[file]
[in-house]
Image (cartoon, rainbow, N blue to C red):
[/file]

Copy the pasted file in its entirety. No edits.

[in-house]
Image (cartoon, rainbow, N blue to C red):